Welcome negative feedback and challenge. Pay attention to own true feelings. Encourage the Protector to express his or her softer more vulnerable side. Go-ahead energy, goal-directedness, achievement orientation, flexibility, enthusiasm, and caring through doing.

Recognize Performer for positive contributions and encourage the expression of true feelings. Allow in own softer feelings and receptive force. In turn, Performers help to mobilize Mediators into action. Getting frustrated and impatient, the Performer may pressure the Mediator to make decisions. Feeling discounted and controlled, the Mediator can become anxious, stubborn and resistive.

This then may escalate into angry exchanges and debilitating, prolonged stand-offs that threaten or may even dissolve the relationship. Preoccupation with success and recognition, fast pace, inattention to feelings, self-focus, and desire to maintain a good image. Steadiness, ability to defer, adaptability, empathy, genuine support and caring, and ability to set slower pace and provide a counterbalance to active energy.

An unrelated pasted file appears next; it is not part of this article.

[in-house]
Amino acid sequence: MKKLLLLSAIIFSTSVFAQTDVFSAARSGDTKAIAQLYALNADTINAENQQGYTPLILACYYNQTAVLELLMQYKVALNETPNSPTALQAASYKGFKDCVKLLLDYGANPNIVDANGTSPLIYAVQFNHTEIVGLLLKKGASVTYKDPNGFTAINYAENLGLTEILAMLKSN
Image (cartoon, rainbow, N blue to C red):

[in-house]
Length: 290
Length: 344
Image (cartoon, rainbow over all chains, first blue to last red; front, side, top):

Notice and express own true feelings. Practice receptivity — really listening. Ability to focus on goals and solutions both for self and other, joy in doing, can-do attitude, sense of hope, and competence. Insist on being heard. Encourage Performer to moderate pace and listen. Concentrate on what is wanted and important, not on what is not wanted and inessential.

Then, they may feel disappointed in each other or themselves and feel that something important is lacking. A push-pull can take place between them when what is absent and longed for seems better or more ideal than what is present and fulfilling.

A cycle of escalating conflict can arise in, which they compete for understanding, acknowledgement, support, and attention.

Moodiness, anger over disappointments, and loss of steadiness may ensue. When this push-pull cycle repeats often enough the relationship can destabilizes and dissolve.

Tendency toward self-preoccupation, desire to be special and unique, focusing on what is missing rather than what is present, and push-pull swings of emotion. What to Appreciate in Other Romantics. Intensity, depth of feeling and reflection, idealism, the romantic and aesthetic flair, empathy for suffering, and authenticity. Seek to understand rather than be understood. Practice staying steady and present, especially in the midst of strong emotion. Appreciate the ordinary as well as the extraordinary.